Amid the pandemic, organizations have been forced to virtualize, practically overnight. While digitally tracking behind most other global regions, Africa could reach parity by 2030 when three quarters of the population are projected to become internet users. And with internet penetration still lower than global average (59.5%) in many parts of the continent, closing this gap will connect businesses with new employees, consumers and bourgeoning economic opportunities. Already, mobile technologies alone have created 1.7 million jobs and generated $144 billion, representing about 8.5% of the continent’s total GDP.
Currently, many organizations in Africa are in the nascent phases of digital transformation. But, regardless of where they are now, the approach to digitization must put workforce skill development front and center and engage their workforces along the transformation journey. To do so, some organizations will want to centralize energy and resources into technology investment, building the capacity to do higher-value work. Others will need to introduce new foundations for HR, advancing areas they haven’t historically invested in, such as recruitment, learning and development (L&D), training, diversity, equity and inclusion (DEI), etc.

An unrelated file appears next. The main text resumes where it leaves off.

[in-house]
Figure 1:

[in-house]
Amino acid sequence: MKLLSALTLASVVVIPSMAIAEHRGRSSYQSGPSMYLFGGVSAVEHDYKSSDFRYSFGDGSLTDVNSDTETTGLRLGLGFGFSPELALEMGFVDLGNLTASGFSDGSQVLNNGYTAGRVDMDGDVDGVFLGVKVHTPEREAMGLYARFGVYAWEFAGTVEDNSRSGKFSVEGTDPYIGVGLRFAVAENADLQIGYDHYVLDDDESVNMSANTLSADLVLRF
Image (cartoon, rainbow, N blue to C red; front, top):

To get digital transformation right, organizations must mitigate risks, enhance efficiencies and determine meaningful applications. By prioritizing these key areas, they can develop a strategic plan of attack. Approaching workforce development in this framework empowers decisions about administrating HR processes digitally — at a pivotal time when the race is on for skill development in Africa.